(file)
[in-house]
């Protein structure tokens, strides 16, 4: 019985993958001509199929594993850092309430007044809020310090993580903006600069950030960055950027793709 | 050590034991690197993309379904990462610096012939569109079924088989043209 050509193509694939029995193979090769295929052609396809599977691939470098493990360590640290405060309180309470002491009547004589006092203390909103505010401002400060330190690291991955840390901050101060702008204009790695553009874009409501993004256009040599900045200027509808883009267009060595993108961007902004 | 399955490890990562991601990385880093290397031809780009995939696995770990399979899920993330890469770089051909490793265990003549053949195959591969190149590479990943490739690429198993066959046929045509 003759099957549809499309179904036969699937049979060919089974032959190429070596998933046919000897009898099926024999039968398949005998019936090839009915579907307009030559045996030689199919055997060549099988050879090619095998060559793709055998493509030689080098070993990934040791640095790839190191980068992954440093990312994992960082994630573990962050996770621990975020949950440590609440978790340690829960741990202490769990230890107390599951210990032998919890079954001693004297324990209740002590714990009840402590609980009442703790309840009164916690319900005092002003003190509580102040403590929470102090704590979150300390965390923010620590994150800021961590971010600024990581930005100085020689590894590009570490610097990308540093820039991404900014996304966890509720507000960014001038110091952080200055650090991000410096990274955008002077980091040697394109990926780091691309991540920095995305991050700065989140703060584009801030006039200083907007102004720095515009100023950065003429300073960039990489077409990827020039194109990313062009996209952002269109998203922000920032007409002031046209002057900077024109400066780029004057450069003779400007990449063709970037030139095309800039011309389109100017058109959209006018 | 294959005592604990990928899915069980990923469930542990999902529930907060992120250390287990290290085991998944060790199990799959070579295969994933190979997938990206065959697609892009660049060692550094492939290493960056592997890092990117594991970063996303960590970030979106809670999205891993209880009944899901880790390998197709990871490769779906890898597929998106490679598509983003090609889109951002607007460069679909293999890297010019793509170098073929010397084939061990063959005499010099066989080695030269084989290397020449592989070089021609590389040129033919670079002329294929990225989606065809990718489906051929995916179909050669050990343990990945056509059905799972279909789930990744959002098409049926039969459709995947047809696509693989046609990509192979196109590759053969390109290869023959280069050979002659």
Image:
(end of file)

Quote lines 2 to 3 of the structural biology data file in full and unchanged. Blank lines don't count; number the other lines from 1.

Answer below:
């Protein structure tokens, strides 16, 4: 019985993958001509199929594993850092309430007044809020310090993580903006600069950030960055950027793709 | 050590034991690197993309379904990462610096012939569109079924088989043209 050509193509694939029995193979090769295929052609396809599977691939470098493990360590640290405060309180309470002491009547004589006092203390909103505010401002400060330190690291991955840390901050101060702008204009790695553009874009409501993004256009040599900045200027509808883009267009060595993108961007902004 | 399955490890990562991601990385880093290397031809780009995939696995770990399979899920993330890469770089051909490793265990003549053949195959591969190149590479990943490739690429198993066959046929045509 003759099957549809499309179904036969699937049979060919089974032959190429070596998933046919000897009898099926024999039968398949005998019936090839009915579907307009030559045996030689199919055997060549099988050879090619095998060559793709055998493509030689080098070993990934040791640095790839190191980068992954440093990312994992960082994630573990962050996770621990975020949950440590609440978790340690829960741990202490769990230890107390599951210990032998919890079954001693004297324990209740002590714990009840402590609980009442703790309840009164916690319900005092002003003190509580102040403590929470102090704590979150300390965390923010620590994150800021961590971010600024990581930005100085020689590894590009570490610097990308540093820039991404900014996304966890509720507000960014001038110091952080200055650090991000410096990274955008002077980091040697394109990926780091691309991540920095995305991050700065989140703060584009801030006039200083907007102004720095515009100023950065003429300073960039990489077409990827020039194109990313062009996209952002269109998203922000920032007409002031046209002057900077024109400066780029004057450069003779400007990449063709970037030139095309800039011309389109100017058109959209006018 | 294959005592604990990928899915069980990923469930542990999902529930907060992120250390287990290290085991998944060790199990799959070579295969994933190979997938990206065959697609892009660049060692550094492939290493960056592997890092990117594991970063996303960590970030979106809670999205891993209880009944899901880790390998197709990871490769779906890898597929998106490679598509983003090609889109951002607007460069679909293999890297010019793509170098073929010397084939061990063959005499010099066989080695030269084989290397020449592989070089021609590389040129033919670079002329294929990225989606065809990718489906051929995916179909050669050990343990990945056509059905799972279909789930990744959002098409049926039969459709995947047809696509693989046609990509192979196109590759053969390109290869023959280069050979002659």
Image: